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Certification and Procurement

Fern’s analysis: Whether to buy certified products is a choice consumers make on a near daily basis as certifications schemes exist for timber products, fish, organic food and many other items.

When it comes to forest products, there are two major certification schemes: the PEFC (Programme for the Endorsement of Forest Products and the FSC (Forest Stewardship Council). The PEFC, created by the forestry sector in response to the creation of the FSC, has developed from a ‘rubber stamping’ exercise without any controls, to a genuine certification scheme. Despite these improvements, Fern’s 2001 report Behind the Logo and Fern’s 2005 report Footprints in the Forest found that the PEFC remained less rigorous than the FSC.

For many years Fern was an active supporter and member of the FSC. Its multi-stakeholder process was innovative and set a trend for other initiatives, including FLEGT.  In part thanks to FSC, good forest management is now widely seen as being a balancing act between economic, social and environmental values, rather than just as sustainable yield. This balancing act requires an inclusive, deliberative, multi-stakeholder process to set standards and processes. Lack of effective implementation of its standards, combined with an attempt – later abandoned – to certify forest carbon offsets, was, however, sufficient reason for Fern to hand in its membership in 2011.

Since then Fern’s focus has moved away from certification. Certification still has a clear role in improving forest and land management, but there are real limits to what certification can achieve. The real threats to forests today are climate change and over-consumption of forest and agricultural products, neither of which can be addressed by certification. In some cases, certification is even used as an excuse to not reduce consumption. The EU’s bioenergy policy is a good example - it encourages biofuels as long as they are certified, when it should be incentivising real renewables and dis-incentivising land based bioenergy.  There is a serious risk that future EU policies on bioenergy will make the same mistake for woody biomass

What Fern is doing: Fern is working to ensure that the EU develops and implements coherent policies that reduce the overall EU forest footprint, while increasing the percentage of commodities that are legally and sustainably sourced. Fern calls on the EU to develop a policy to reduce emissions in the forest and land sector by improving management and restoration of existing EU forests.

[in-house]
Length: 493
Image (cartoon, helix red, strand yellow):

To learn more about our previous work on certification: see Fern's statement to the Forest Stewardship Council on withdrawing Fern's membership, Fern’s previous statement on FSC and Fern’s report analysing different certification schemes: Behind the Logo, Footprints in the forest and Buying a sustainable future.

Most recent publications

Buying a Sustainable Future, timber procurement policies in the EU

This report analyses the different timber procurement policies of six EU Member States and Japan. The report shows that although there is some variation between the different policies, there are also many similarities. The Netherlands policy is the strongest in terms of inclusion of social issues with the UK policy does not (yet) include; France and Germany just accept certain certification schemes and the Danish policy is not mandatory.

PDF iconEnglish1.18 MB

Forestwatch issue 140

  • Ilisu dam: teetering at the edge
  • Liberia’s dubious timber concessions
  • UK Environmental Audit Committee heeded
  • EU aid: must do better
PDF iconFW 140.pdf176.55 KB
PDF iconBonn II meeting update.pdf131.11 KB

Forest Watch Issue 139

  • New DG for Climate and Energy criticised
  • GPP: Be heard!
  • R-Plans: Indigenous and local communities stand firm
  • Not so fast, M. de Larosière!
  • Commission must sharpen development policy tools
  • Cameroon VPA negotiation concludes
  • Biomass update
PDF iconFW 139.pdf211.67 KB
PDF iconBiomass update.pdf74.63 KB

Regaining credibility and rebuilding support: changes the FSC needs to make

A joint statement by FERN, Greenpeace, Inter-African Forest Industry Association, Precious Woods, Swedish Society for Nature Conservation and Tropical Forest Trust, detailing which changes this group the FSC needs to make to regain its credibility.

PDF iconchanges the FSC needs to make.pdf27.33 KB

UK Government decision undermines its own timber policy

A joint press release by FERN, FoE, Greenpeace and WWF stating that the UK Government's timber procurement policy accepts forest destruction as sustainable. The press release is a response to a press release by DEFRA anouncing the UK Government accepts PEFC, SFI, CSA and FSC as proof of sustainable timber production and of MTCC as proof of legal timber production in light of their procurement policy.

Microsoft Office document iconOPEN123.5 KB

Social Criteria in Timber Procurement Policies II

 A legal opinion commissioned by WWF UK on whether EU Governments are allowed under EU law to include social criteria in their procurement policies. The study concludes that this is indeed the case

Microsoft Office document iconOPEN58.5 KB